Defending champions Serbia marched into the Davis Cup by BNP Paribas quarterfinals on Sunday after Viktor Troicki beat Somdev Devvarman in the opening reverse singles 64 62 75 to give the 2010 winners of the competition a 3-1 lead against India.
The Serbs, who became the 13th nation to win the 111-year old event when they beat France 3-2 in last December’s final in Belgrade, will play against Sweden way for a berth in the last four, after the Scandinavians romped to an unassailable 3-0 lead against Russia on Saturday.
World no. 18 Troicki traded breaks with Devvarman in the opening exchanges and games went with serve, amidst a plethora of long rallies, before the Serb broke his opponent again in the ninth game and then took the first set in 52 minutes with a pair of aces.
Devvarman, who committed a staggering 66 unforced errors through the match and many of them at key moments, appeared to lose his focus in the second set, while Troicki turned on the heat with some delicate drop shots and winners to race into a 4-1 lead after breaking serve twice.
He held serve with some ease to take the second set but falling behind seemed to have spurred on Devvarman, who carved out a break in the fourth game of the third set to take a 3-1 lead with a superb crosscourt backhand.
Troicki, however, broke straight back and tension reached boiling point in the sixth game, when a line call went the Serb’s way and allowed him to pull back to 3-3. An incensed Devvarman argued with the chair umpire for about five minutes before he returned to save two break points in the ninth game and give himself a fighting chance of staying in the match.
But Troicki, who rifled in 11 aces and 40 winners, held his next serve comfortably and then earned a triple break point with a flurry of impressive passing shots, letting out a roar of delight as he prepared to serve for the match.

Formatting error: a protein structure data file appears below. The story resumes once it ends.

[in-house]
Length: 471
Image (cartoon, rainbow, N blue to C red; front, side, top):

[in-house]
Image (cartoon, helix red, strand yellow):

Cheered on by the partisan home crowd, who were sporting a dozen or so Serbian flags and created deafening noise with inflatable batons, the 25-year old Belgrader sent the fans into an eruption of joy when he saved two break points in the final game and sealed his victory in two hours 43 minutes with a service winner.
“It is a great feeling to be in the last eight of the competition because this means we have stayed in the World Group, while it also gives us a chance to carry on with out title defence,” Troicki said.
“I was able to raise my game after struggling against Rohan Bopanna on Friday, my focus was sharper because I expected a long and tough match against Devvarman, who is a very good player,” he told reporters.
“The break in the third set when he sat down came after the chair umpire overruled her own call. That happens very rarely and the Indian team didn’t take it too well but it’s all a part of the game and I don’t think it affected the outcome of the match.
"We are through to the quarterfinals, we know it’s going to be very tough against Sweden and we hope to have our best player Novak Djokovic back for that tie.”
Janko Tipsarevic defeated Karan Rastogi 60 61 in the second reverse singles later on Sunday, a dead rubber after the Serbs celebrated their victory on the court, sporting a giant national flag and dancing to the tunes of an ancient national battlesong blaring from the sound system.